Most of us have learned as children that plants help clean the air. One of the hazards of deforestation is air pollution. But did you know that plants also play a part in cleaning our water? As with air, plants that live on and in the water absorb carbon dioxide and expel oxygen. In aquatic environments, this is helpful to fish and improves water quality. Plants in aquatic systems also absorb nutrients, bacteria, metals, and chemicals.
Plant-based water filtration is getting a lot of attention lately as a sustainable method for cleaning water without chemicals. In 2013 an Oxford University student, Stephan Goodwin Honan, won an international award for his model of a plant filtration system that removes arsenic from water.
Cleaning Water With Moss
With this natural way of water filtration getting attention as a way of sustainability, a number of recent studies have looked into the role different plants could have on remediation, or the removal of dangerous substances.
For Instance moss, not having a root system, absorbs water and nutrients throughout the entire plant. In 2017, Researchers at the RIKEN Center for Sustainable Resource Science (CSRS) in Japan published a study which showed Funaria hygrometrica, a certain type of moss, can absorb a large amount of lead due to a special kind of acid in its cell walls.
Later that year, a research group at Stockholm University in Sweden conducted a similar study showing that an aquatic moss, called Warnstofia fluitans can help remove arsenic from water. It grows in Swedish wetlands contaminated with the toxic arsenic from nearby mining operations. The study found that thanks to the moss, the waters arsenic levels dropped 80% in under an hour. Instead of being absorbed by the plant, the arsenic was bound to the plants tissue, making the water safer for humans and animals alike.
Pine Tree Water Filter
Another model, based on a MIT research team used xylem in pine to filter bacteria from the water. Xylem is the porous sapwood that takes water from the roots of the tree up towards the leaves. The xylem acts as a natural filtration system for the tree. Using sections of pine branches that had been stripped of their bark the researchers added a piece of plastic to the end of the branch. The dirty water flows through the branch where the natural system removes bacteria and sediment from the water.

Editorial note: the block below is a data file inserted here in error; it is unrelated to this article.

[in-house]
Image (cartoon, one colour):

Plants That Filter Water
Heavy metals, bacteria, oil and other pollutants can be removed with the help of wetland plants. Cattail, typically growing between 5 and 10 feet tall, can remove metals such as zinc, cadmium, lead and nitrate from water. Water mint, or Mentha aquatica, grows up to 6 inches high with light purple flowers and should be first planted in a container before being moved to the water. Once it is, water mint can help clean water by removing bacterias like E. coli and Salmonella. Soft rush, or Juncus Effusus is a grass like aquatic plant that grows up to 3 ½ feet high. Washington State University Extension states that in addition to bacteria and oil, Soft Rush also removes heavy metals such as zinc, copper and cobalt from the water.
You can make a pond garden in your yard that filters water. Water lilies and iris’s are two great pond plants that also filter water. Water lilies have proven especially effective in absorbing heavy metals from the water. They also provide shade for fish and help to reduce algae growth. Submerged plants that grow under the water are very good at absorbing pollutants. They will also oxygenate the water and keep fish healthy. Cabomba and hornwort are two good submerged species to plant. The water in your pond can be a great source of an emergency water supply so it’s important that it be clean and healthy
DIY: Water Garden for Pollinators
Follow along for some inspiration as Bridget and Titan, gardeners in zone 10b, show us how they put together their whiskey barrel pond!